6. Dab edges of dough with water. Fold left half over filling and use the tines of a fork to seal edges. Brush crust with egg yolk. Using a knife, cut several slits in the center of the top crust. Transfer pie to oven and bake until crust is golden brown and firm, 40 to 50 minutes. Cool for at least 15 minutes before slicing and serving. Serve warm, or reheat before serving.


Our first tractor

Man on a tractor
Max on our first tractor

Dear Friends,


In 2010, on Kerry’s 35th birthday, we had a small after work party for her at Brookfield Farm. Larry told her he had a big surprise for her. He wouldn’t say another word about it. As we enjoyed some beer and birthday cake, Larry disappeared with Kerry’s boss Dan Kaplan and the next thing moment we heard the roar of an engine and Dan came around the corner driving a freshly restored 1952 Farmall Cub. The Farmall Cub, a classic cultivating tractor and an incredibly useful tool on a small scale organic vegetable farm. Our first tractor. Well I suppose technically it was Kerry’s first tractor and only became mine a year and a half later when we got married. Larry found the tractor on Craig’s List and restored it in secret, got it up and running, and trailered it to the farm. 


We used the Cub quite a bit our first season, cultivating potatoes, brassicas and sweet potatoes. There is something about the Cub that always feels very classic, to me it really feels like an iconic tool. The farmers I learned from had a Cub and so did Brookfield Farm. However, as the years progressed, we started to use the Cub less and less. It can only cultivate one row at a time and as such it takes twice as long to do something as a two row cultivating tractor. It didn’t quite fit our system and it wouldn’t run reliably. We ultimately replaced it with a more modern off-set diesel John Deere cultivating tractor from the 80’s.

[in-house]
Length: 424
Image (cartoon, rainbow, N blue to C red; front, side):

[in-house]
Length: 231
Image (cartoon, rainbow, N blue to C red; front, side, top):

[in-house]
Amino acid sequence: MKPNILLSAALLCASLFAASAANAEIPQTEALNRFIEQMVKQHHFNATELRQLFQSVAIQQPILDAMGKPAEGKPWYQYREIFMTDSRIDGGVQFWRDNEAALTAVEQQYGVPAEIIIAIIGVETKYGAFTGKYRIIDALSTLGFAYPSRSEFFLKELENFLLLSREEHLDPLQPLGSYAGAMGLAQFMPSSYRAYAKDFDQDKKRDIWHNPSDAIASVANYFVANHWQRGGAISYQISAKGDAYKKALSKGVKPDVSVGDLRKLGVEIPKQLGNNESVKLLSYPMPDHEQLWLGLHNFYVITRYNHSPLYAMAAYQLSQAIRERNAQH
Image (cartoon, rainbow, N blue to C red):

We loaned the Cub to our friends at Sweet Acre Farm  for a few years but they ultimately moved away from it as well. We parked the Cub in our barn in 2016 and there it sat. Every once and awhile we would think maybe we could use it to cultivate plastic or something and Larry would get it going again. But for whatever reason, it never made it back to the field again. It sat idle and unused. Our sentimentality kept us from getting rid of it, even though we knew it was never going to work again on our farm.


Well tractors like to work and we decided it was finally time to part ways. I put the tractor up on Craig’s List for a fairly low price and to my surprise within half an hour a very excited aspiring young farmer was at our place with cash in hand. It was with mixed emotions that we loaded our first tractor up onto his trailer and said good bye. It’s not the first good bye of the winter and it won’t be our last. But the gleam of joy and excitement in that young farmers eye was enough to ease any bittersweet feelings we had. It was clear the Cub was off to a good home.


Your Farmers,


Bonnie, Hannah, Kerry and Max